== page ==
Readings in the book: usually to introduce new vocabulary, which is vital for improving language skills.

Grammar exercises. Usually a short lesson by me, a written and spoken practice session and then some sort of game or activity. Again, vital for improving language skills.

These are my basic activities in class that I'll do everyday. Other stuff, varies class to class. But these days, I feel like I have too much good stuff to do and not enough time! I wouldn't even imagine showing a movie that didn't have some sort of purpose or goal behind it. And so when you're planning your classes, try to get out of the mindset of wasting time and into the mindset of thinking about what kind of educational value this certain activity has.

Sunday, October 18, 2009

Textbook Selection

I'm thoroughly convinced that textbook selection can make or break a class. While an excellent teacher can overcome a bad textbook, or just plain not use it and do their own thing, in some situations there is nothing that can be done.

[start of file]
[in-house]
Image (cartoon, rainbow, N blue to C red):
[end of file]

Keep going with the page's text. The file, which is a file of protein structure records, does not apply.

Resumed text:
In the kids program that I teach in, most of the students are fluent (ish) and are quite articulate, even in their writing. But the textbooks we're using are ESL textbooks, designed for adults. Do dating and Bollywood movies have any relevance for a 10 year old kid in Korea? NO! By way of example, I used the exact same textbook for my conversational uni class last year that the elementary kids are using now. And it went over well with the uni students so just imagine how much elementary kids like it! And so I wonder why we're not using textbooks that are designed for native speaker kids in the USA, Canada or England. Maybe at two or three grade levels below where they're actually at in Korean school to account for the second language factor.